Religious leaders Monday in the Inland Northwest joined state officials criticizing President Donald Trump’s recent executive order temporarily suspending refugee admissions to the United States.
Forty Washington pastors, bishops and other faith leaders have signed onto a letter from the Interfaith Immigration Coalition supporting refugee resettlement in the U.S., including settlement for Muslim refugees.
“If we aspire to be a Christian nation then the Christian response is to welcome refugees. There’s no question about that. This is not the Christian response,” said Rev. Bill Osborne, the rector for St. Stephen’s Episcopal Church in Spokane.
Osborne is among the leaders who have signed the letter. Bishop Jim Waggoner with the Episcopal Diocese of Spokane also signed on to statements opposing the executive order.
Osborne said his family has personally hosted three refugee families who were resettled in Spokane and said the congregation has helped furnish apartments for newly settled families.
But, he said, his congregation is ideologically diverse and contains people who are concerned about security.
“I’m sure there are some who are in favor of this announcement and some who are very very troubled by it,” he said of the executive order.
Bishop Martin Wells of the Evangelical Lutheran Church’s Eastern Washington-Idaho Synod said the Trump administration’s policies expressed “anti-Muslim bigotry” by targeting majority-Muslim countries. The Lutheran Church runs one of the largest refugee resettlement programs in the U.S., Lutheran Immigration and Refugee Services.
“It’s the shot across the bow. It’s wake-up time for everybody that he intends to keep at least some of these commitments that he announced,” Wells said.
Other faith leaders were more restrained in their criticism. Bishop Thomas Daly of the Spokane Catholic Diocese issued a statement in support of resettlement.
“As the violence and chaos continues in countries like Syria and Iraq, innocent citizens are fleeing to the safety of America. I believe that refugees from war can be welcomed to our country without compromising the safety and security of our nation,” Daly wrote. “The Catholic Bishops of the United States will continue to engage government officials in finding a solution to this crisis that is humane and consistent with our values.”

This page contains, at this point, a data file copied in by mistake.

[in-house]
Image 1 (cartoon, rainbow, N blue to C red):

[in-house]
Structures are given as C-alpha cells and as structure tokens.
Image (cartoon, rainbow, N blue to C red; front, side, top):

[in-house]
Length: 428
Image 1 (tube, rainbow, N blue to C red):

Daly joined Cardinal Blase Cupich, former Bishop of Spokane, who criticized Trump’s order in a statement released over the weekend. Cupich left Spokane when he was selected by Pope Francis to be the archbishop of Chicago.
“This weekend proved to be a dark moment in U.S. history,” Cupich said in a statement. “Have we not repeated the disastrous decisions of those in the past who turned away other people fleeing violence, leaving certain ethnicities and religions marginalized and excluded?
“We Catholics know that history well, for, like others, we have been on the other side of such decisions.”
Those statements were released as about 600 Spokane residents marched in protest of the executive order across downtown Spokane. Gov. Jay Inslee and Washington Attorney General Bob Ferguson have also pledged to fight the order.
Some churches opted not to make a formal statement, including the Church of Christ, Scientist.
“That doesn’t mean there isn’t considerable prayer going on regarding the issue,” said Bill Scott, a spokesman for the church in Washington. He said members tend to take guidance on topics to pray about from the Christian Science Monitor, which has extensively covered refugees and the executive order.
The Church of Jesus Christ of Latter-day Saints issued a statement expressing “concern for those fleeing violence, war and religious persecution” but did not take a position on the executive order. Shaun Brown, a local spokeswoman for the church, said individual Mormon churches in the region have helped World Relief with refugee resettlement efforts.
At the Spokane Islamic Center, leaders have focused on educating members of the mosque about the impact of the new policy. Mamdouh El-Aarag, a board member, said roughly 20 percent of worshipers at the mosque and about half of Muslims in the area are refugees.
“Not everybody’s clear exactly what this means or what it entails,” he said. The mosque is working on providing an information sheet for its members.
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